McDonald's (NYSE:MCD) has been a staple in conservative portfolios for years due to its consistent dividend and reliable growth. The fast food chain has over 35,000 global locations and had revenue of over $35 billion in 2013. When it opened in the 1940's McDonald's was primarily a burger joint. In line with the company's growth, it began to branch out toward the items that today make up its daily menu.

It hasn't been a secret that McDonald's has hit a bit of a rough road over the last couple of quarters. Same store sales have churned and consolidated, instead of growing. Promotions like the revamping of the McRib sandwich have failed to generate the attention the company hoped they would. The company is dealing with the major consumer shift to organics and health food, and has felt the stiff competition of casual upscale dining like Chipotle.

Arguably, you could make the case that the move away from fast food began years ago after Morgan Spurlock's documentary "Super Size Me" caused significant reform in the sizing and pricing of McDonald's products. Since then, the company has added salads and healthier options to their menu, while still continuing to sell their flagship products, like the Big Mac.

Morgan Spurlock's documentary into the sizing and pricing habits of McDonald's products spurred reform for the fast food maker and a shift toward a healthier lifestyle for consumers.

Companies like Whole Foods have dug into a growing consumer wide trend of moving into a healthy lifestyle, as well. Buyout rumors of Whole Foods are in the air this week as well, as its rumored that Florida-based grocery store Publix looks to further their angle on the health food craze.

In addition to the healthy push, companies like Taco Bell, a subsidiary of Yum! Brands (NYSE:YUM), is going after breakfast, which has been a staple for McDonald's since it was introduced in 1972. The company first pioneered the Egg McMuffin when studies showed that consumers would welcome a quick breakfast in the morning.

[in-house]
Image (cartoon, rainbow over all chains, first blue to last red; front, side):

Meanwhile, Taco Bell has released a litany of commercials this year taking direct shots at McDonald's, including one that pins their breakfast as outdated and stale. The marketing has worked; Taco Bell's Waffle Taco has certainly been a talking point and is now looking like it may even be doing the job of giant-killer. 

Other fast food chains quickly caught on. Burger King (NYSE:BK) introduced their breakfast with the Crossaint'wich in 1983 and it's still a staple on their menu nowadays. In 2013, breakfast accounted for just $8.5 billion of Burger King's top line, compared to McDonald's, who posted $35.86 billion in breakfast sales for the year. Burger King certainly has plenty of market share to make up in breakfast, if it can start to close the gap between itself and McDonald's. McDonald's has roughly 31% of the total fast food breakfast market share. 

Signs of domestic struggle
The pricing upswing of causal dining (without a waitress) has risen over the past few years, leading consumers to once again consider fast-food options when they're opting out of waitress service. We can see the growth in this sector through the successes of companies like Panera and again, Chipotle.

Earlier last week, we learned that McDonald's same store comps for May beat estimates, but domestic comparables in the U.S. fell by 1%. 

McDonald's stated the following in their press release  regarding May comparable sales:

In May, U.S. comparable sales decreased 1% amid ongoing broad-based challenges.  McDonald's U.S. business is heightening its customer focus through service, value and menu initiatives to stabilize results.  During May, these efforts were reflected in the promotion of Dollar Menu & More offerings and breakfast including a focus on McDonald's popular McCafé coffee. 

While executives seem to try and be downplaying things a bit, it sure looks like the domestic pressure is on breakfast, as well as the company's dollar menu. Numerous local McDonald's locations in my area are constantly offering free McCafe samples to people that walk by in order to try and generate some awareness of their cafe brand. 

We all know that Starbucks is now trying to get into burgers and booze, McDonald's is trying to pull a reverse Starbucks and dip their hands into the craft coffee drink well. Is McDonald's having trouble defending the fast food meal that they once pioneered?

Foolish final thoughts
Despite this struggle, McDonald's isn't likely to be going anywhere anytime soon. This struggle for the company is going to force executives to keep going back to the well until they find something that can work in helping them out domestically.

Luckily, McDonald's has a balance sheet that gives them all the time they need to figure it out. With $16 billion in shareholder's equity at the end of 2013, McDonald's shouldn't feel too pressured to make major moves in a careless fashion. They have the time to carefully craft, and execute, a strategy to "get breakfast back." And Fool contributor Dan Moskowitz notes  that those in McDonald's have a history of being rewarded:

If you invested in McDonald's, then you have been treated well. For example, McDonald's repurchased 323.6 million shares between 2007 and 2013, it has raised its dividend every year since 1978, and its stock has appreciated 279.5% over the past 10 years. 

While for the short term, questions continue about McDonald's, for the long term it seems like McDonald's continues to be a sound investment.